With, most recently, incumbent Republican Senators Pat Roberts in Kansas and Lamar Alexander in Tennessee winning their respective primaries, Tea Party challengers failed in all attempts in this primary cycle to defeat Senate incumbents.
Now we’re starting to hear eulogies about the Tea Party movement.
But let’s not confuse birth pains with death throes.
The Tea Party is on its way in, folks, not on its way out. Change is hard and doesn’t happen overnight. The undeniable facts are that America has huge problems, that these problems have been growing and festering for years while being ignored by our political class in Washington, and the American people are very unhappy with the state of affairs.
The failure of any Tea Party candidate does not negate these truths and what they point to – the profound need for change in America and for political leadership with the clarity and courage to make it happen.
Three of four Americans say they not satisfied with the direction of the country and the most recent Gallup approval rating for Congress stands at 15 percent.
Usually, despite disapproval of congress in general, most Americans approve of their own congressman. But a new Washington Post-ABC News poll reports, “A majority of people don’t like their own member of Congress. For the first time ever.”
For the first time since this poll has been conducted, more than half of Americans, 51 percent, express disapproval of their own congressman.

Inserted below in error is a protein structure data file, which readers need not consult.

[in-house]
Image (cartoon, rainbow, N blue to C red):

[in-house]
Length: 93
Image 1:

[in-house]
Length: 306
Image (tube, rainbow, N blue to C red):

The Tea Party captures a groundswell of dissatisfaction with business-as-usual in how our country is being run. These emotions are as strong, and as legitimate, as ever.
Typical of deeply misguided analysis about what is happening is a column by Washington Post columnist Dana Milbank where he writes, “The tea party movement was a setback because it elevated extreme individualism over collective responsibilities and because it tapped into nativism and further undermined trust in American institutions.”
The truth is opposite from every claim made here.
Tea Party sentiments point to troubles in America flowing from the erosion and undermining of American institutions. It is about restoring strength and viability to our institutions – certainly not undermining trust in them.
The most central of American institutions is our constitution. A priority of lawmakers and political leadership should be to work within its framework, not try to skirt around its edges.
But skirting the constitution defines our political leadership today.